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Olympics: World gymnastics chief Watanabe proposed as new IOC member

Lausanne, Switzerland (Kyodo) -- Japan's Morinari Watanabe is in line to become one of nine new International Olympic Committee members, the IOC announced Friday at the conclusion of its Executive Board session.

Watanabe is the first Asian to serve as president of the International Gymnastics Federation. The final decision to admit the three women and six men proposed by the IOC Executive Board will be made at October's IOC session in Buenos Aires.

The announcement was made at the conclusion of the Executive Board's three-day meeting.

"In line with the recommendations of Olympic Agenda 2020, the IOC is constantly aiming at a more diverse and inclusive membership," IOC President Thomas Bach told a press conference.

"The Olympic Movement would benefit significantly from the expertise of these nine candidates that we are proposing to the next IOC session. Their extensive knowledge of the sports movement will add extra strength and experience to the universal college of IOC members."

If Watanabe's membership is approved in October, he will become Japan's second IOC member after Japanese Olympic Committee President Tsunekazu Takeda.

In his comments about the Executive Board's proceedings, Bach announced that the procedure for selecting host cities is changing to produce "fewer losers," and that five cities have expressed interest in hosting the 2026 Winter Games.

Sapporo has been discussed as a possible candidate for 2026, but five other cities have also expressed interest, while Japan's northernmost major city would prefer to host in 2030. Sapporo previously hosted the Winter Olympics in 1972. In June, Bach indicated that two straight Winter Games in Asia following Pyeongchang, South Korea, this year and Beijing in 2022, would not adversely affect a Sapporo bid for 2026.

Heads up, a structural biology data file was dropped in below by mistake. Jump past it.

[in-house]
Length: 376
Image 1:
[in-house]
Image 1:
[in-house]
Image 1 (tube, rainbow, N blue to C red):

"We have discussed the candidature procedure for the Winter Games 2026," he said. "We are discussing with five interested cities about becoming candidates. We are trying to find the best possible host for 2026. We've always said we had to change the candidature procedure because the old style...is producing too many losers. It's not about having as many candidates as possible."

Bach touted the impact the Olympic Agenda 2020 are having in attracting candidate cities.

"They (the five cities) all benefit from the Olympic reforms. Today they stressed they could only be interested because of these reforms," Bach said. "We have an average of 80 percent use of existing facilities for these candidates. For 2018 and 2022, this figure was 60 percent."

"The budgets have also been seriously reduced. For 2018 and 2022, we had a budget of around $2 billion, and now the budgets for 2026 are around $1.7 billion. The contribution of the IOC has also been increased significantly, up to $925 million for 2026."

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